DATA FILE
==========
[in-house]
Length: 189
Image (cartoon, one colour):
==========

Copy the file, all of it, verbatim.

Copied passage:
[in-house]
Length: 189
Image (cartoon, one colour):